Compare any two graphics cards:
GeForce GT 420 vs Radeon HD 5450
IntroThe GeForce GT 420 comes with a GPU core speed of 700 MHz, and the 2048 MB of GDDR3 memory is set to run at 900 MHz through a 128-bit bus. It also features 48 SPUs, 8 Texture Address Units, and 4 ROPs.
Compare those specs to the Radeon HD 5450, which uses a 40 nm design. AMD has clocked the core speed at 650 MHz. The DDR3 RAM runs at a speed of 800 MHz on this card. It features 80(16x5) SPUs as well as 8 TAUs and 4 ROPs.
Power Usage and Theoretical Benchmarks
Power Consumption (Max TDP)
The GeForce GT 420 should in theory be much faster than the Radeon HD 5450 overall. (explain)
Texel RateThe GeForce GT 420 is a bit (more or less 8%) better at AF than the Radeon HD 5450. (explain)
Pixel RateIf running with a high screen resolution is important to you, then the GeForce GT 420 is superior to the Radeon HD 5450, but it probably won't make a huge difference. (explain)
Please note that the above 'benchmarks' are all just theoretical - the results were calculated based on the card's specifications, and real-world performance may (and probably will) vary at least a bit.
Please note that the price comparisons are based on search keywords - sometimes it might show cards with very similar names that are not exactly the same as the one chosen in the comparison. We do try to filter out the wrong results as best we can, though.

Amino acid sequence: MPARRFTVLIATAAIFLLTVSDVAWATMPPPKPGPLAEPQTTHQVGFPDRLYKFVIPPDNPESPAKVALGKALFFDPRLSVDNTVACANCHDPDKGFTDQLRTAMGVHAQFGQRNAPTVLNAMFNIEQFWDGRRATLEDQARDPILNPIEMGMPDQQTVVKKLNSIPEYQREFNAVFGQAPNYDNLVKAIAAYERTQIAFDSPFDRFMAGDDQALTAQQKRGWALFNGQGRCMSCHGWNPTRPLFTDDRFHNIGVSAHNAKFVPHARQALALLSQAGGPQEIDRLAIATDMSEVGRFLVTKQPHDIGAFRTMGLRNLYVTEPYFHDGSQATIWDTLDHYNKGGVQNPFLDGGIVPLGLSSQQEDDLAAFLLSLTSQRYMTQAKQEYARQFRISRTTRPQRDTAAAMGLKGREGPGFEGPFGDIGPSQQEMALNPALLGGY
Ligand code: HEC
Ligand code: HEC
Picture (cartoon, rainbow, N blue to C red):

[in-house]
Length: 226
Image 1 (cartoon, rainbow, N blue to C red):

Memory Bandwidth: Memory bandwidth is the max amount of data (measured in megabytes per second) that can be moved over the external memory interface in one second. The number is worked out by multiplying the bus width by the speed of its memory. If it uses DDR RAM, the result should be multiplied by 2 once again. If DDR5, multiply by 4 instead. The better the bandwidth is, the better the card will be in general. It especially helps with anti-aliasing, High Dynamic Range and high resolutions.
Texel Rate: Texel rate is the maximum amount of texture map elements (texels) that can be processed in one second. This is calculated by multiplying the total texture units by the core speed of the chip. The better the texel rate, the better the video card will be at handling texture filtering (anisotropic filtering - AF). It is measured in millions of texels applied in one second.
Pixel Rate: Pixel rate is the maximum number of pixels that the graphics chip can possibly write to the local memory per second - measured in millions of pixels per second. The figure is worked out by multiplying the number of colour ROPs by the the core clock speed. ROPs (Raster Operations Pipelines - also called Render Output Units) are responsible for drawing the pixels (image) on the screen. The actual pixel output rate also depends on lots of other factors, especially the memory bandwidth - the lower the memory bandwidth is, the lower the ability to reach the maximum fill rate.